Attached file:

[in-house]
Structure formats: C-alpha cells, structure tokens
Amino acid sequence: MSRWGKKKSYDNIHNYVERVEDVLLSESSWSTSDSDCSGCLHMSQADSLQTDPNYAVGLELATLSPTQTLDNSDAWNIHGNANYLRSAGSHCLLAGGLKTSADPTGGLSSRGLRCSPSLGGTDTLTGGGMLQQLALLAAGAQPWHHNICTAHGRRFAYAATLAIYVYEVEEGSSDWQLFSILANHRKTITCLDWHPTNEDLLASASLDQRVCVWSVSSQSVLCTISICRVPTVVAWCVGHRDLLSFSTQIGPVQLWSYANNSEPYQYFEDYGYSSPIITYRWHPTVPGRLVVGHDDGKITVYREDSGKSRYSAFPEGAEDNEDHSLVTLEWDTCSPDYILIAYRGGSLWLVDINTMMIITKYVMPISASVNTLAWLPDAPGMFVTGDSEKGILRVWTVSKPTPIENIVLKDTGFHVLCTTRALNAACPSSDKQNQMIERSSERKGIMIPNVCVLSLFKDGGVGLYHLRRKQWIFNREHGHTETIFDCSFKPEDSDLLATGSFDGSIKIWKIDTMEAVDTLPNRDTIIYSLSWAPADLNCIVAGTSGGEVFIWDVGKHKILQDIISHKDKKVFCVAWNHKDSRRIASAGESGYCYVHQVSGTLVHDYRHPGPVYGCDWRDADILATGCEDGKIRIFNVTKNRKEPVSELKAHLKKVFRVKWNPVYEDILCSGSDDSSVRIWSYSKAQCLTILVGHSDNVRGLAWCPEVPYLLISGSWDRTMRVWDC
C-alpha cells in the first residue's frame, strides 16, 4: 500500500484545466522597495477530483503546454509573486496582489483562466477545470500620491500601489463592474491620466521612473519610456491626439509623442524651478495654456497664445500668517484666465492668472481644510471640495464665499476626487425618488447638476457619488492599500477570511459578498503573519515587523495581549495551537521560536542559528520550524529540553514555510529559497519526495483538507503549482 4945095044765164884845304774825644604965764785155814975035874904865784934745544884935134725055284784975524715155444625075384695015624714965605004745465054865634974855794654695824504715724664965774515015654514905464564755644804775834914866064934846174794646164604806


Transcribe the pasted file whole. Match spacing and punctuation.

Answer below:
[in-house]
Structure formats: C-alpha cells, structure tokens
Amino acid sequence: MSRWGKKKSYDNIHNYVERVEDVLLSESSWSTSDSDCSGCLHMSQADSLQTDPNYAVGLELATLSPTQTLDNSDAWNIHGNANYLRSAGSHCLLAGGLKTSADPTGGLSSRGLRCSPSLGGTDTLTGGGMLQQLALLAAGAQPWHHNICTAHGRRFAYAATLAIYVYEVEEGSSDWQLFSILANHRKTITCLDWHPTNEDLLASASLDQRVCVWSVSSQSVLCTISICRVPTVVAWCVGHRDLLSFSTQIGPVQLWSYANNSEPYQYFEDYGYSSPIITYRWHPTVPGRLVVGHDDGKITVYREDSGKSRYSAFPEGAEDNEDHSLVTLEWDTCSPDYILIAYRGGSLWLVDINTMMIITKYVMPISASVNTLAWLPDAPGMFVTGDSEKGILRVWTVSKPTPIENIVLKDTGFHVLCTTRALNAACPSSDKQNQMIERSSERKGIMIPNVCVLSLFKDGGVGLYHLRRKQWIFNREHGHTETIFDCSFKPEDSDLLATGSFDGSIKIWKIDTMEAVDTLPNRDTIIYSLSWAPADLNCIVAGTSGGEVFIWDVGKHKILQDIISHKDKKVFCVAWNHKDSRRIASAGESGYCYVHQVSGTLVHDYRHPGPVYGCDWRDADILATGCEDGKIRIFNVTKNRKEPVSELKAHLKKVFRVKWNPVYEDILCSGSDDSSVRIWSYSKAQCLTILVGHSDNVRGLAWCPEVPYLLISGSWDRTMRVWDC
C-alpha cells in the first residue's frame, strides 16, 4: 500500500484545466522597495477530483503546454509573486496582489483562466477545470500620491500601489463592474491620466521612473519610456491626439509623442524651478495654456497664445500668517484666465492668472481644510471640495464665499476626487425618488447638476457619488492599500477570511459578498503573519515587523495581549495551537521560536542559528520550524529540553514555510529559497519526495483538507503549482 4945095044765164884845304774825644604965764785155814975035874904865784934745544884935134725055284784975524715155444625075384695015624714965605004745465054865634974855794654695824504715724664965774515015654514905464564755644804775834914866064934846174794646164604806